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Chem 105, Week 6 Notes

by: Lauren Notetaker

Chem 105, Week 6 Notes CHEM 105

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Lauren Notetaker


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About this Document

These notes cover what will be on Quiz 4 and Exam 2. This covers hybridization theory.
General Chemistry I
Dr. Grossoehme
Class Notes
General Chemistry, hybridization, atom hybridization
25 ?




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This 5 page Class Notes was uploaded by Lauren Notetaker on Wednesday September 28, 2016. The Class Notes belongs to CHEM 105 at Winthrop University taught by Dr. Grossoehme in Fall 2016. Since its upload, it has received 2 views. For similar materials see General Chemistry I in Chemistry at Winthrop University.


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Date Created: 09/28/16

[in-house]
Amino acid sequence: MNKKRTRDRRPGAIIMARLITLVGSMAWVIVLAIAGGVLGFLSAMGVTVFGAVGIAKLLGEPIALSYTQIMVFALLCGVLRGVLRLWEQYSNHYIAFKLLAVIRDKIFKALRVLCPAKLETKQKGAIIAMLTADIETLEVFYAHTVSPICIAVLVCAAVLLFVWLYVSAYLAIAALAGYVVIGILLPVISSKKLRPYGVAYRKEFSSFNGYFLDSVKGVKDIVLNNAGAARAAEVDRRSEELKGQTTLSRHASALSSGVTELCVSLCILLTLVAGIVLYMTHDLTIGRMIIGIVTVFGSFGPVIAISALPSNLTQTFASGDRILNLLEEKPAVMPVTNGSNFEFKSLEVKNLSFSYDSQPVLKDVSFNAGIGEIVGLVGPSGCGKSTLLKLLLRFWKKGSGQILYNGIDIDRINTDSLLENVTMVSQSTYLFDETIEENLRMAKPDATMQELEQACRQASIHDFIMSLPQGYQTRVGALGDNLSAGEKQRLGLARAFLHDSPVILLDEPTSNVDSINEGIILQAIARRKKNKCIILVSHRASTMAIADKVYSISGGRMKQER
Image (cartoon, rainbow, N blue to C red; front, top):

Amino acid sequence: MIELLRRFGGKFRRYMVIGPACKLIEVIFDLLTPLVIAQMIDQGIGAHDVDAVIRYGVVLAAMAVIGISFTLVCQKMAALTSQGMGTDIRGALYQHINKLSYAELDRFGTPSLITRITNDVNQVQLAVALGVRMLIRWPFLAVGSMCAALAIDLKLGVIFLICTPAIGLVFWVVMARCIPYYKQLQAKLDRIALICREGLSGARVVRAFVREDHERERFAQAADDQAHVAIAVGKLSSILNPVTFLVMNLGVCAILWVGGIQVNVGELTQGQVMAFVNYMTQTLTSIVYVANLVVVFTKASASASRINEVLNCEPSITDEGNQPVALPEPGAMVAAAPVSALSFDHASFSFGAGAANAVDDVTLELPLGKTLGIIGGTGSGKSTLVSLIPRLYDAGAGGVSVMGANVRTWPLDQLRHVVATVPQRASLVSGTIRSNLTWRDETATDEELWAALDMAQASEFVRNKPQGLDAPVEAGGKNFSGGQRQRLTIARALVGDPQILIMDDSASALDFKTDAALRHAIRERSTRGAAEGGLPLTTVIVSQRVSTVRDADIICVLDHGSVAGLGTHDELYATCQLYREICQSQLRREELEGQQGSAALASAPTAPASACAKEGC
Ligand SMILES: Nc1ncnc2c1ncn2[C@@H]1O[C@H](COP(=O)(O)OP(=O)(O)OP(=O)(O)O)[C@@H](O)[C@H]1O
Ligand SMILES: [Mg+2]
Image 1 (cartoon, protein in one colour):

Chemical Bonding- Hybridization Theory Only an s, or partly s, orbital can form a sigma bond. Example using hydrogen: Electrons Overlap of s-type orbitals Bond Every bond must start with a sigma bond. 1s 1s H H 1 Bond An example using F-2 The bond between the fluorine molecules represents one sigma bond. Each fluorine also has three lone pairs. 2p 2p 1s 1s F F Here we have unpaired electrons in the p orbital. In order to form a sigma bond, these electrons must be in the s orbital We can rearrange the model so that the s and p orbitals are represented together, and achieve a sigma bond. sp3 sp3 F F Represents the three lone pairs in the Lewis Structure. Represents the three lone pairs in the Lewis Structure. How many lobes are in the hybrid?  1 lone pair is equal to 1 lobe  1 sigma bond is equal to 1 lobe Fluorine will have four lobes- each lobe is circled below: We can use this information to essentially fill the shells. S + P + P + P = sp3 Each of the lobes The other fluorine also results in an sp3 configuration. 5 lobes- sp3d 4 lobes= sp3 3 lobes= sp2 2 lobes= sp A single bond is a sigma bond. A double bond is one sigma bond and one pi bond. A triple bond is one sigma bond and two pi bonds. To determine the sigma bond, we still don’t recognize the double bond when circling our pairs. In this instance, we have three lobes. Because of this, the sigma configuration for both of the carbon molecules will be sp2. sp2 sp2 C C At this point, we can fill in three of our electrons of each carbon. In order to hybridize, we need to fill in some more information. sp2 sp2 C C We can add these We can add these two electrons that two electrons that were gained from were gained from the C-H bond. the C-H bond. sp2 sp2 C C Now we can make our first sigma bond! But remember, C-2 has a double bond, and we’re still missing one electron! p π p sp2 sp2 C C Lone pairs Lone pairs A complete answer means you have labeled all electrons


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